Why Stadiums Are Priceless To Some And Worthless To Others

The growing demand to watch live football has soared throughout recent years forcing clubs to make huge long-term decisions on their stadium and if the idea is to upgrade they have to finance project worth hundreds of millions or even up to a billion. So how is a club’s stadium worth billions to some and nothing to others? Well, here we go.

The Prized Possession

To football clubs and many other sporting organisations that have a stadium, it is the most prized possession that the club has, no matter what, it will be there for decades. So, for football clubs, it’s a huge investment which happens possibly once maybe twice within a single fans’ lifetime.

Chelsea’s planned new ground (Evening Standard)

So, the investment in a stadium is huge and to put it simply according to Soccernomics the average price per seat within a new stadium is between£1,000-£2,000 and with the average stadium life of 40 years. However, the Emirates is a more luxury ground and cost £6,500 per seat while Chelsea’s new ground is expected to cost more than £15,000 per seat (based off the Times report claiming it will cost £1bn). So, for a football club it’s a huge investment and especially for clubs with smaller revenues to so-called “bigger clubs”, the wrong decision could lead to administration and possibly insolvency. 

Despite the huge outlay in finances, the stadium is at the heart of the club’s business plan. Many will think that the players are the main part of a football club when in reality they aren’t, although investment into players will lead to the club becoming more successful the bigger clubs are under no pressure to buy as they will sell their ground out every other week without significant investment into playing staff. So, a stadium is the club’s most prized asset and the most reliable form of income (ticket sales/naming rights) as well as a sustainable asset that will be used for decades.

So, in short clubs invest millions or billions into their stadium, therefore, they will want a return on investment in order to make it a good investment. Therefore, stadiums are priceless to football clubs.

A Worthless Structure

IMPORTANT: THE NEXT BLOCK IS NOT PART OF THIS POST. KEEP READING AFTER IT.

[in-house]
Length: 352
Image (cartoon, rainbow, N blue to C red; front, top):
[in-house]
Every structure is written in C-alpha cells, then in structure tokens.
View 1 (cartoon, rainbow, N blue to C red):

Despite a stadium costing millions, they aren’t worth so much to others, let’s start with the banks who loan to clubs in order to fund new stadium projects. Football clubs often pay their debts back over years however if a club can’t pay their debt what would happen? Well, in the case of most businesses the bank will take away assets of the business, however, this often cannot be done to football clubs. Usually, they (the bank) will take the asset they funded but there’s only one use to stadiums and little interest to be able to auction them off to make money back as for buyers the land would be worth a lot, but they would have a costly demolition job first. Basically, the stadium is worthless to the bank once the debt is being repaid however if the bank wishes they can often push the club to administration, therefore, finding a new owner who can pay off the debts.

But if a club can’t pay off their debts it will impact the politicians as if in the unlikely event that the stadium was auctioned off and the buyer wanted to make the land something else such as a supermarket they would need planning permission, from the local politicians and with the majority of voters’ football fans a stadium can change elections. So mostly football stadiums are worthless to politicians however it can ultimately be at the heart of their local manifestos.

Ultimately stadiums are priceless to clubs and fans and most likely worthless (in terms of money) to banks and politicians however they can have long-term implications for all that are involved.


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